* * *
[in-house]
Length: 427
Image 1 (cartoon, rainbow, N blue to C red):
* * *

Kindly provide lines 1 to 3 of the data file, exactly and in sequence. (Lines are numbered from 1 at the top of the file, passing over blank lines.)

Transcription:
[in-house]
Length: 427
Image 1 (cartoon, rainbow, N blue to C red):